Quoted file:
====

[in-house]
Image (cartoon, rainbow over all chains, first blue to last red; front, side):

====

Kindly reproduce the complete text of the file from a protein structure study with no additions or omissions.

[in-house]
Image (cartoon, rainbow over all chains, first blue to last red; front, side):